Back to the topic at hand, Corona was convicted because Pia Cayetano was pretty and Allan Cayetano’s speech was confusing. His father had cancer, and so we have to get rid of the kanser ng lipunan ala Jose Rizal. Lito Lapid talked about his deficiencies in education, and thanked Corona.
Ang Pahayagang Plaridel, De La Salle University’s Filipino news publication, released a poster earlier tonight announcing the verdict on former Chief Justice Renato Corona.
He wasn’t convicted due to the talent of the prosecution to dig up dirt on him, but because of Corona’s own stupidity.
Coronavela: A Long and Winding Drama
The original claim of the prosecution was that Corona had a total of 10M-USD worth of deposits (about 450M-PHP), a claim backed up by various banking institutions. However, Corona only declared 3.5M-PHP in his 2010 SALN (Statements of Assets, Liabilities and Net Worth) .
In his defense, Corona said that he only had a total of 185M-PHP–but wait, I thought you said 3.5M?–because 105M-PHP of that was in dollar form: 2.4M-USD, an amount that, in a sense, shouldn’t be declared in the report because foreign currencies were to be kept confidential (by the foreign currency deposit unit laws) . The other 80M was money that he did not own completely–some of it was his wife’s, mother’s and children.
So the only thing that he really counted for that report was some 3.5M-PHP.
And I’m saying he did something stupid because he basically said it on national television that he hid funds from the report.
Though with good reason, he kind of killed his own chances.
See, the fact of the matter is, pretty much every one of these officials try to cut the number down to something much more believable, simply because it looks bad.
I’ve seen campaigns spend more money in dirty schemes and tricks–but since schemes and tricks are hidden, the money isn’t counted. What people watch are the candidates with big, expensive, long-running advertisements and wonder how much they’re worth. And then when they see the amount–oh my god, the money! As if these people never thought that of course they won’t go into campaign without funds. They actually do own big companies. Anyone who runs and wins in a national election is rich.
Small ads with big bribes win elections because you don’t wave your cash in front of a crowd of starving beggars.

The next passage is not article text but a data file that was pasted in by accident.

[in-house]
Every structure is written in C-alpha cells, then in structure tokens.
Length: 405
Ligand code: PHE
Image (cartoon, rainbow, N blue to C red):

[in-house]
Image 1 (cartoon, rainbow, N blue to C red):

And that’s why officials try their best to look poor. Naka-ligo ka na ba sa dagat ng basura? Solidarity with the poor is the only way to look like you’re not a self-serving shmuck. And trust me, it works. That’s why, despite the fact that everyone in that impeachment court has a nice business and good funds, they all try to find legal ways to hide the cash under the mattress.
The thing is, by rule of law, what they’re doing is pretty much okay. I don’t know why foreign currency is confidential, and why such a contradicting law as the FCDU is even applicable in the context of the SALN. But it’s there, and it doesn’t even have to be a loophole to be legal. The FCDU does say the foreign money doesn’t have to be declared, and when asked, the $2.4M seems to have a legit reason for being in his possession.
Whether or not that 2.4 really was legit, unstolen, hard-earned cash, we’ll never really, really, really know. It is kind of juvenile of Corona to play the Sick-Card–and whether that was true or an act, we will likewise never really know; ah, the great mysteries of life–but how do you speak only clear truth through lips that tremble in fear? It’s pressure. Huge pressure, crashing on him like a wave on a cliff in a bad storm.
He was a suspect under a hot spotlight, and nobody wanted to believe him. He could only do or say so much until the only option left is for him to run and hide.
Prosecution, however, stated that by hiding his extra fancy cash, it pretty much means he’s betraying public trust, which stands as sufficient reason for conviction.
In this sense, betraying public trust is re-translated thusly: You’re looking pretty pathetic now, so nobody thinks you can work properly.
But a rose is a rose is a rose. And undeclared millions are undeclared millions are undeclared millions.
Ergo, Renato Corona was not convicted for stealing money–he was convicted for not writing down the millions in his SALN. Genius.
So is he a thief? Is he corrupt? We weren’t able to find out because everyone was too noisy fist-pumping out in the rallies, and Corona was busy playing hospital. He’s just really rich, and he didn’t even tell us.
IMHO, Corona deserved to be acquitted not because he was proven entirely innocent, but because the impeachment court was unable to prove that he was guilty beyond reasonable doubt.
I’m saying, that trial was supposed to end inconclusively.
But it ended anyway, because it’s been forty-three days of trial, and it’s starting to waste everyone’s time. This third world country continues to starve, and we have to get on with our lives. The senators had to make a decision based on what they had. We can’t prove Corona truly guilty of graft and corruption, but by principle, his lack of transparency makes him untrustworthy. And that, in itself, is reason for him to be convicted.